Running

Hit a Running (or Life) Plateau? Here’s How to Fix It

By January 26, 2018 No Comments

I was halfway contemplating death when it hit me and replenished some energy.

I’ve been running this particular three mile track for months now and managed to reduce my speed from an 8:40 mile to a ~7:30 mile. It felt good overtaking the ‘new year, new me’ folk for a while, but then I hit a roadblock (mentally, don’t worry). Nothing I did could get me faster than the 7:30 plateau- believe me, I tried all the different flavours of Lucozade and everything. I blamed it on genetics and decided to continue endurance running rather than speed. Now, this is what killed me inside.

In April 2017 I ran the Sheffield half marathon in just under 2 hours. It felt bloody amazing. I had three weeks to train and no previous running experience; I was cramming in 10k nearly every day, it was a testament to my pain threshold, I must say. This is what makes what happened so demoralising.

Back to present me, in a park in London, racing myself, I tried to add one mile to the three that I was currently doing. Easy right? Impossible. What the blazes. Why?

Admittedly, I was trying to run it at the same pace of 7:30, but even when I slowed it down I couldn’t break past the three mile distance. I did manage to push myself to 4 miles once, but I was coughing and spluttering like a Nissan Micra Mk1 that has been left on the driveway for 8 months, and moving at the same speed as a supporting character in a film running away from a monster as he walks behind at the same pace, laughing to himself and just waiting for them to trip or collapse. Basically, something wasn’t right.

For the last few months I succumbed to the fact that I wasn’t going to be able to run faster or further and that my legs were powered by the course; turning on at the start and turned off at the finish. Until… I accidentally corrected my curse, had an epiphany about life and felt like Forrest Gump.

You see, for so long I’ve been trying to add miles to the course that I’ve become so familiar to, that my body would just turn off when I got to the end thinking that the run was complete.

On this occasion, I ran to the park where I do my run (sounds strange when I say it out loud- I usually walk down and track the run at the park). This added an extra half mile on the way there.

It only dawned on me halfway through the usual route that I’d already done an additional half mile and was feeling great. Then a flood of emotion and realisation entered my brain; maybe I was oxygen starved, I dunno, but it made sense. I had to continually repeat it to myself for the remainder of the run so I was able to write it down for you here. Here goes.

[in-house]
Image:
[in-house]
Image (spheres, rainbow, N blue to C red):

For too long I was trying to add an extra mile, but when it came to it, my body had trained itself to be exhausted. Starting earlier was fresh and unexpected, and when it came to running the usual course it felt different. I was then able to do an extra half mile at the end. The unreachable 4 mile mark was smashed- and in record time ~7:40.

It wasn’t anything to do with my diet. And it wasn’t because of the weather, that was actually worse. The wind was horrendous, coming from every direction, and any onlooker probably assumed that I was getting pushed around by invisible high school kids two years above me as I walked down the corridor (ah, memories).

I applied my thoughts to circumstances outside of running and they seemed to fit.

Here’s my key takeaways from it that reflect in life or business:

  1. Taking a step back doesn’t mean starting everything from scratch. When someone tells you to start from the beginning, look a bit further. Don’t alter what’s already there, add something that precedes what you were starting with before. For example, to get more people to purchase your high end product, try releasing a smaller, cheaper and limited product and get them onto your value ladder.
  2. Boredom will eventually creep into your work and show in your results. Repetition is the key to mastery, but it can ruin you if you don’t progress. My body got bored and stopped after the original 3 mile track and refused to go any further- even though that was what my head constantly demanded. Sometimes we just need to make the beginning exciting again and then we can go beyond the original track to where we want to be. Your body gets used to emotional exertion just as much as physical exertion, remember that.
  3. This works when you can’t change the track. It’d be easy to say that I should change track altogether, but there’s two things wrong with that. One: It’s much easier to track progress on the same track. Two: If you apply this to life or business, you can’t always just change the course completely. Luckily, it shows that changing the beginning makes it easier to break past that thing you called the ‘end’.

Hopefully this has given you some useful insight (into how daft I am if for nothing else). Either way, let me know as I’d love to hear any stories or thoughts you have surrounding this. Maybe something similar has happened to you or you tried it and it worked too!

My email is [email protected], I promise to read and reply to everyone (within reason, I might skip replying to threats, who knows)

Samuel W. Hunter

Author Samuel W. Hunter

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